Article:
Deploy (initial or incremental) of a safe permission set assembly

  • db_DDLAdmin - this permission grants CREATE and ALTER permissions for the assemblies and objects types that you deploy

  • database-level VIEW DEFINITION - required in order to deploy

  • database-level CONNECT - grants the ability to connect to the database

Deploy an external_access permission set assembly

  • db_DDLAdmin - this permission grants CREATE and ALTER permissions for the assemblies and objects types that you deploy

  • database-level VIEW DEFINITION - required in order to deploy

  • database-level CONNECT - grants the ability to connect to the database

In addition, you must also have:

  • TRUSTWORTHY database option set to ON

  • The login that you use to deploy must have the External Access Assembly server permission.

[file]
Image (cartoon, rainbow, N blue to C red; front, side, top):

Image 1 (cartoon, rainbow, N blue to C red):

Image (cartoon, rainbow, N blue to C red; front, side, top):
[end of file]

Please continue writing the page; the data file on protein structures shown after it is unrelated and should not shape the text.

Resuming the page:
Deploy an unsafe permission set assembly

  • db_DDLAdmin - this permission grants CREATE and ALTER permissions for the assemblies and objects types that you deploy

  • database-level VIEW DEFINITION - required in order to deploy

  • database-level CONNECT - grants the ability to connect to the database

In addition, you must also have:

  • TRUSTWORTHY database option set to ON

  • The login that you use to deploy must have the Unsafe Assembly server permission.

Remote debug a SQL CLR assembly

You must have the sysadmin fixed role permission.

Important noteImportant

In all cases, the assembly owner must be the user that you are using to deploy the assembly or the owner must be a role in which that user is a member. This requirement also applies to any assemblies referenced by the assembly that you deploy.